step f) comprises laying the external support member against the outer surface of the reinforcement tape-wrapped tubular base graft at a second predetermined angle relative to the longitudinal axis of the tubular base graft and concurrently rotating the tape-wrapped tubular base graft about its longitudinal axis thereby causing the external support member to become helically wrapped about the reinforcement tape in a second helical pitch which differs from said first helical pitch at which the reinforcement tape was wrapped.
26. The method of claim 25 wherein said first and second predetermined angles are of the same number of degrees relative to the longitudinal axis, but are in different directions relative to the longitudinal axis, thereby resulting in a directional difference between said first helical pitch and said second helical pitch.
27. The method of claim 25 wherein said first and second pre-determined angles are of differing angular size relative to the longitudinal axis of said base graft, thereby resulting in differences in the first helical pitch of the reinforcement tape and the second helical pitch of the external support member.
28. A method of manufacturing an externally-supported, tape-reinforced, tubular prosthetic graft, said method comprising the steps of:
a) providing a tubular base graft formed of expanded, sintered fluoropolymer material, said tubular base graft having an inner luminal surface and an outer surface;
b) providing at least one strip of reinforcement tape formed of expanded, sintered fluoropolymer film;
c) wrapping said reinforcement tape helically around the outer surface of the tubular base graft in a first helical pitch;
d) causing the helically wrapped reinforcement tape to become attached to the tubular base graft;
e) providing an external support member formed of substantially non-elastic beading;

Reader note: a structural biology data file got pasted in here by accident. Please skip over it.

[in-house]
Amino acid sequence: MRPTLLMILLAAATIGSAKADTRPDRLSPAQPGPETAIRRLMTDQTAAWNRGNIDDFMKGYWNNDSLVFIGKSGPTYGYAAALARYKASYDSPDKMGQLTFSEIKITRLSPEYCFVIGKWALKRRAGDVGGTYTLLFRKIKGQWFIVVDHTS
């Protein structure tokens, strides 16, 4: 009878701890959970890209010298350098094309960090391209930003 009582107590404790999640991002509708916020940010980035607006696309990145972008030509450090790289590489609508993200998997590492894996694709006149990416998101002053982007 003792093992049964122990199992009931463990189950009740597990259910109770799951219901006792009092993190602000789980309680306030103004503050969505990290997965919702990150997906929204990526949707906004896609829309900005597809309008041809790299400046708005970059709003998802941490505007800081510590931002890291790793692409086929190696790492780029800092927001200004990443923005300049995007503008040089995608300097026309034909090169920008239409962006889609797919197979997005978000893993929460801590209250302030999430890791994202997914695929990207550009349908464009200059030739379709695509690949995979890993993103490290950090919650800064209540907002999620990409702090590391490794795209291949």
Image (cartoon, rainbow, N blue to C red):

f) helically wrapping the external support member around the helically wrapped reinforcement tape in a second helical pitch which differs from said first helical pitch; and,
g) heating the external support member and the reinforcement tape to a temperature which causes the external support member to become laminated to the reinforcement tape.
29. The method of claim 28 wherein step c) comprises:
laying the reinforcement tape against the outer surface of the tubular base graft at a predetermined angle relative to the longitudinal axis of the tubular base graft and concurrently rotating the tubular base graft about its longitudinal axis so as to helically wrap said reinforcement tape around the outer surface of the tubular base graft in a helical pitch.
30. The method of claim 28 wherein step e) comprises:
providing a quantity of PTFE beading.
31. The method of claim 28 wherein step f) comprises:
laying the external support member against the outer surface of the reinforcement tape-wrapped tubular base graft at a second predetermined angle relative to the longitudinal axis of the tubular base graft and concurrently rotating the tubular base graft about its longitudinal axis thereby causing the external support member to become helically wrapped around the reinforcement tape in a second helical pitch which differs from the first helical pitch at which the reinforcement tape was wrapped.
32. The method of claim 28 wherein:
step c) comprises laying the reinforcement tape against the outer surface of the tubular base graft at a first predetermined angle relative to the longitudinal axis of the tubular base graft and rotating the tubular base graft about its longitudinal axis so as to helically wrap said reinforcement tape around the outer surface of the tubular base graft in a first helical pitch; and,